Crime Prevention Through Environmental Design:
Crime Prevention Through Environmental Design (CPTED) principles are based on anticipating the thought processes of a potential offender and creating an environment that discourages follow-through. CPTED has the added advantage of creating a sense of security and well-being among legitimate users of the built environment.
CPTED based strategies emphasize enhancing the perceived risk of detection and apprehension. Research into criminal behaviour indicates that the decision to offend or not to offend is more influenced by cues to the perceived risk of being caught than by cues to reward or ease of entry. Behaviour effects can be accomplished by reducing the propensity of the physical environment to support criminal behaviours by adhering to the following key principles:
1. Territoriality is a design concept that clearly delineates private space from semi-public and public spaces and also creates a sense of ownership. Ownership creates an environment where the appearance of strangers and intruders stands out and is more easily identified.
2. Natural Surveillance is a design concept directed primarily at observing intruders. Provision of natural surveillance helps to create environments where there is sufficient opportunity for people engaged in their normal activities to observe the space around them. Areas can be designed so sightlines are open and they are therefore more easily observed.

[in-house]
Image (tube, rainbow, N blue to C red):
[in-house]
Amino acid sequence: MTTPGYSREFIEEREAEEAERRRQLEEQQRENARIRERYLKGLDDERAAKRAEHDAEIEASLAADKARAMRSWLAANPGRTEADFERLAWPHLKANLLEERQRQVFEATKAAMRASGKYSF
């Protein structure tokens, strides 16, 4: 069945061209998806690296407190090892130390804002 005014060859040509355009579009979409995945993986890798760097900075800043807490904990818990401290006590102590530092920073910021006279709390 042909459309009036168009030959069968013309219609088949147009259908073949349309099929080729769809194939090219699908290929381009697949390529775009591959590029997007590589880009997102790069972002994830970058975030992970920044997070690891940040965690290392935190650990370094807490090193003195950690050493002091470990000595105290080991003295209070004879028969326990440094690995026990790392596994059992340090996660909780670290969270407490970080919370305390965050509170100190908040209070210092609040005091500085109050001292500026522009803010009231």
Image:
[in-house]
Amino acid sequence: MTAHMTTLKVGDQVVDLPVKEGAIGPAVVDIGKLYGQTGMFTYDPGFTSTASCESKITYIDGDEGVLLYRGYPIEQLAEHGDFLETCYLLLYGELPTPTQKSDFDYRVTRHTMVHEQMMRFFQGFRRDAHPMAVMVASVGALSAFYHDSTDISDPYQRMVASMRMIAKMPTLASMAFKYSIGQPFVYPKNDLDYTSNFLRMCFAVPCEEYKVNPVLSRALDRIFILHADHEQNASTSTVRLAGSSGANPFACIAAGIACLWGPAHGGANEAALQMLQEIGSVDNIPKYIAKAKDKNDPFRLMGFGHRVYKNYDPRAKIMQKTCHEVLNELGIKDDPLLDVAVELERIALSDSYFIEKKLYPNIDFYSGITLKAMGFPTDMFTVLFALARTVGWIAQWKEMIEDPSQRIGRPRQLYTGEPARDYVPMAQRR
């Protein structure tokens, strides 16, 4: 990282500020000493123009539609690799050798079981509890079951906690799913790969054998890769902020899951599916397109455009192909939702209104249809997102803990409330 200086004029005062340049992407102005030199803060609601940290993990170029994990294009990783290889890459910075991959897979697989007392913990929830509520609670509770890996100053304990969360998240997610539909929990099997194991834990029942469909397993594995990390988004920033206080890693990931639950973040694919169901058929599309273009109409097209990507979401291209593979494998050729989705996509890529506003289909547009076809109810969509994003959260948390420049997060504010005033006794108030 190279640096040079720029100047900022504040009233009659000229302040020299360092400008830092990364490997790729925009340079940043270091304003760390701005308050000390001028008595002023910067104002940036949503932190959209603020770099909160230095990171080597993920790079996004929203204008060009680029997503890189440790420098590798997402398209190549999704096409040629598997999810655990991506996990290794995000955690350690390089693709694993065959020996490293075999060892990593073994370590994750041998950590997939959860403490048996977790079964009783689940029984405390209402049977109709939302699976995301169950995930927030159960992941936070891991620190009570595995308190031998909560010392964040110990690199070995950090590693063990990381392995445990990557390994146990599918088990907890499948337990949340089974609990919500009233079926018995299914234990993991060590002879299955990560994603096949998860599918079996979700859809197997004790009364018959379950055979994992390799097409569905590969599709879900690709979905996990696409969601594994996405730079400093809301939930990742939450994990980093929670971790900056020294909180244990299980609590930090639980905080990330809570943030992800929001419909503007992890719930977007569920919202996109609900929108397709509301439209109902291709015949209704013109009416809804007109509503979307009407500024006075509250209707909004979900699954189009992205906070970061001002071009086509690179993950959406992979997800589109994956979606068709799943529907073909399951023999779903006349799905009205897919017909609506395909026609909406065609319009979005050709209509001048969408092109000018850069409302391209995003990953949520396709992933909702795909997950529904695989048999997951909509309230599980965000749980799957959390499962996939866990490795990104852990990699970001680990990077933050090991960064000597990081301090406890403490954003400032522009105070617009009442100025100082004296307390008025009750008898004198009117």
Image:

3. Natural Access Control is a design concept directed primarily at decreasing criminal accessibility. Provision of natural access control limits the number of entry points to the property and building.
4. Activity Support is the presence of activity planned for the space and involves placing activity where the individuals engaged in an activity will become part of the natural surveillance system.
5. Maintenance provide a standard of proper maintenance of the property, fixtures, buildings, and other features required to support the principles of CPTED.
• Locating lighting in such a way that bulbs can be easily replaced, and shrubs and vegetation do not obstruct light from intended target areas.
• Landscaping which is maintained at prescribed standards so that the placement and growth of shrubs and vegetation does not interfere with sight lines or light sources.
CPTED principles should be incorporated into the design of public and private spaces at the earliest possible phase of a project in order to ensure the maximum positive effect for the minimum possible cost. The 3Si team includes qualified and experienced CPTED practitioners capable of delivering thoughtful assessments and recommendations that will maximize the potential positive effects of the latest CPTED principles in a well-designed space.